This is what happened when 'a woman's rapist loved her 'Me Too' status'

Joe Vesey-Byrne
Tuesday 28 November 2017 13:45
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Writing on Reddit, an anonymous woman has shared what happened when her alleged rapist 'loved' her #metoo status.

#Metoo is a viral hashtag used by people who have been sexually assaulted. It's a very public way for a person to share an unpleasant chapter in their lives, while simultaneously standing in solidarity with others who have been subjected to assault, abuse, rape, and violence.

The online movement, which was brought to prominence by actor Alyssa Milano, began during the initial accusations against now disgraced producer Harvey Weinstein.

One user on Reddit however, has described how taking part in the the movement led to more anger and hurt.

Anonymous user Humandalekrace revealed that when she shared her story in a Facebook status with #MeToo, her alleged rapist 'loved' the status.

She called him out on it.

The writer added that she had kept her alleged attacker in her social media circle because;

It might not make logical sense, but part of me felt the need to know what he was up to, like I had a responsibility to make sure he wasn't hurting anyone else.

The user later notes that in the exchange with the individual, the man challenged her privately about the inferred accusation.

Other users on the thread shared similar experiences.

Some users on the thread also recounted how their alleged attackers did not believe they had committed a crime.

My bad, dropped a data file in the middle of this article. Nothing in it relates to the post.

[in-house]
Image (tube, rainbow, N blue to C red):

In 2015 a study published in the journal Violence and Gender, which also cited earlier research from the 1980s, found multiple cases of men who did not think that rape was rape.

In their findings, 31.7 per cent of men also admitted that in a consequence-free situation they would force a woman to have sex.

Worryingly, 13.6 per cent of those surveyed for the research said they would rape a woman. The 20 point distinction made between these two examples was a horrible insight into the false distinction between rape and forcing someone to have sex.

Other users on the thread suggested that attackers often force interaction after an attack, or respond to their victim's social media posts about sex assault with affirmation, as a form of 'power play'.

The original poster also added that in the case of their alleged attacker, 'he knows'.

The individual at the centre of the original post is now blocked.

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